How will they be ready for kindergarten if they just spend their days outdoors playing?”
As educators we are often asked about kindergarten readiness by nervous parents, looking to give their children the best in an early childhood program. It is important that parents understand the vast amount of learning that is available when children are connected to nature. Young children learn primarily through their senses. The natural world, with its constantly changing and stimulating elements, provides the ultimate sensory learning environment.
Nature provides the ultimate sensory learning experiences.
When children use their senses as they explore their world through sensory play, they are actively building nerve connections in the brain’s pathways, which is crucial to brain development. And, when we slow down, we can also see all the learning and social skills that are being developed through play in nature.
The warm spring sun shines down on Elizabeth as she buries her nose in the fresh dandelions that surround her. James our sky watching investigator, points out the moving clouds and the moon that is visible this morning. Suddenly a flock of honking geese flies overhead, which instigates a group of children to run honking around the play yard flapping their arms.
Creating environments that give our youngest learners the time, space, and opportunities to explore and investigate will provide meaningful learning experiences. We can create engaging and wonder-filled environments that promote learning through all eight of their senses—auditory, gustatory, visual, olfactory, tactile, vestibular, proprioception, and interoception.
“Listen! I hear a woodpecker!” calls Hudson, and the outdoor classroom quickly becomes calm as the children try to follow the sound of the pecking.
When children listen for and locate sounds in nature, it helps them understand that space is three dimensional. Birds call from high in the trees, the buzzing and humming of insects near plants on the ground attracts the attention of infants on their tummies. The children in our program often hear the horns of trains from across town or the steeple chimes from the college nearby, barking dogs in the neighborhood or the elementary students at recess down the block. These sounds force our children to slow down and follow the direction from which they came. By including bells, chimes, and your classroom musical instruments; you can add to the variety of sounds in your outdoor play space.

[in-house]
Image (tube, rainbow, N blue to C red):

“We’re having a picnic!” shouts three year old Evelyn.
Food always tastes better outside. Eating outside strips away distractions and connects us to the flavors, the juiciness, and the aromas of our food and to nature. Sharing time outdoors with food also creates a sense of community between teachers and friends. There is something special about eating outdoors, even the exact same lunch. There is no rush, there are more stories, and more laughing. We spend longer periods of time around the table when we eat our meals outdoors. It’s magical. If lunch is an obstacle, start with a snack. If you don’t have a table, a good old fashion tablecloth or blanket on the ground will suffice.
Connect taste with nature by growing edibles from seeds or seedlings. Talk with your children about all the parts of a plant as you plant, nurture, harvest, and eat from your own garden. We started do a lot of container gardening once we realized our sunshine in the summer was different than when we planted it in the spring. This also gives you a chance to send your plants home over breaks if necessary. When our strawberry plants didn’t provide quite as many strawberries as we had hoped, strawberries from our local farmers market “may” have been added to the pickings on Strawberry Day. The same thing happened with our pumpkin patch, one year! We always want these to be enjoyable, successful adventures where everyone can join in the gathering.
I look over and notice our usually busy, James lying still on his tummy. A closer look, I see him watching a trail of ants carrying food.
Children who spend time outside in nature are less likely to suffer from myopia (nearsightedness) than their peers who spend more time looking at screens. Nature calls on us to look carefully and to focus at different distances. By providing magnifying glasses for close-up examination of bugs and leaves, children slow down and take observation much more seriously. Binoculars will bring faraway objects close, and kaleidoscopes and fish-eye lenses fuel a sense of wonder. By adding visually stimulating motion and color, with the use of banners, parachutes, and flags that flap and billow in the wind, we can capture the attention of little eyes to focus on wind patterns.
Two year old Eleanor is busy cooking up mint soup for the birds and squirrels. Always our concoction driven chef, Eleanor, is quick to make use of different plants to create the colors and smells she is sure will arouse the creatures of the neighborhood.
By incorporating plants whose blooms have distinctive, pleasing scents, we create places of beauty and wonder. Place gardenia and viburnum at key spots along pathways, jasmine near the front door, and lilacs outside of windows. We have herb gardens at our entrances that children and parents are invited to pick anytime. Catching a whiff of basil from a young friend is not at all unusual during our summer months! Include native plants that have unique qualities in fragrance, color, and texture. Check with your local city for possible rain garden grants that may help you finance pollinator or native plant gardens for young children. Our program was able to create a dry creek rain garden area, full of pollinating, native plants that brought butterflies and hummingbirds to our play space. Many cities are giving away rain barrels which will give you access to water for plants and water play.